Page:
Through Tempest Clouds
“You should burn it down.”
Thomus let the big man’s words wash over him. He didn’t answer. There was a spot on his own armor which currently occupied his mind. Thomus picked at it, frowning.
“There can be no lenience here. Seofin will only view our mercy as weakness.”
He managed to work a nail beneath the spot and flick it away. A bit of mud — or perhaps blood.
“Do you hear me? We must be firm. There can be no ambiguity here.”
Thomus turned now to the big man. Rynan, he was called, a hard man with a cruel face set between broad shoulders. He towered over Thomus, but most men did. It meant nothing. The command was still his. “Do you think there will be rain?” Thomus asked.
Rynan blinked. “What?”
“Those clouds,” said Thomus, pointing skyward. “They look like rain.”
The big man blew twin lines of steam from his nose. “I don’t know,” he groused. “I don’t play at guessing the weather. What I do know is that the shrain is down there, hiding, and she has nowhere left to run. And I aim to burn her out.”
“I ask,” said Thomus in the steady cadence he always used, “because rain is wet, Rynan. Have you ever tried to catch a spark on soaked timber?” There was venom in the big man’s glare. “Right, I suppose you have caught up, then. You are not a Judge, no more than I myself am. As such, neither of us possess the authority to condemn a village to the flame. If the shrain is there — and that is still an if — we will find her. Then I will do what needs be done. That is all.”
“She must answer for her treason.”
“Aye,” said Thomus, nodding. “And she will. But she is not alone.” He gave his horse a kick and began his way down the grassy slope. The rest of his men followed, eleven in total, though Rynan undoubtedly sat alone for a time before spurring his massive destrier into motion.
The road — no more than a brown line etched into the earth by years of beating feet and hooves — hugged the edge of the cliff. The village of Pilan was hidden to them, carved into the face of the cliff itself, but the road would lead them there. Rynan, though rash, was no fool. If the shrain was down there, as they both believed her to be, there was nowhere left for her to flee. Inevitable as the storm, no one escaped the Farenglass.
For nigh onto sixty days, they had tracked her, through hill and field, mountain and valley. It had not been a bloodless pursuit. Justice Goulta died in the muted yellow pastures of the Pierrin Flats, alongside six of his men. Command passed to Thomus and, for the second time since the war began, he had climbed higher than any motherless boy born to the slums of Ifrait could ever have dreamt.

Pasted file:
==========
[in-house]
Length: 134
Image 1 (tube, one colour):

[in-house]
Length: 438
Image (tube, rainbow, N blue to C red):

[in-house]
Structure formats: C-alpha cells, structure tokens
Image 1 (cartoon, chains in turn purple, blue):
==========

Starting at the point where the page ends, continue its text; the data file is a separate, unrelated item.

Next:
Now, he was on the threshold of something even greater still. The war could be won on this day, if not wholly then at least set upon its ultimate motions. Eirse Uilthun, once the Shrain Beholden of the Blessed King Cerdonas and now a grand traitor to the Crown. She was the last, beside Seofin himself and what rabble of followers still gathered behind him, and she lay just there below where Thomus now rode.
Lightning split the sky in a violent flash to the east as Thomus Aquil, Second Sword of the Farenglass, led his men down upon the town of Pilan. Their onyx armor shone brilliantly in the slanting rays of midnoon sun. Hoofbeats rattled the empty pathways which crisscrossed Pilan’s limestone face, layered like delicate lace up the side of the cliff. They rode past tightened doors and shuttered windows, but Thomus could feel eyes watching through the cracks they found.
A man, alone and plainly dressed, stood in the center of the path before him.
“You should not have come here,” he said.
“We are the Farenglass,” replied Thomus as he pulled his gray to a soft halt. “We go where we please.”
“You will not find what you are looking for here.”
“Your speech and demeanor tell me otherwise. The shrain is here. You can bring her to us or us to her, but in the end, it makes no difference.”
“There are those here who would disagree.”
“Let them. It is already done. We are here.”
The man nodded, a solemn gesture. “So you are,” he said, then turned.
Thomus dismounted. He handed his reins to one of his men, a sinewy reed of a lad by the name of Dir. Rynan, a thick dark mass atop his destrier, trotted up to join them. “These homes need searching,” said Thomus. He spoke broadly, though his eyes were upon the big man.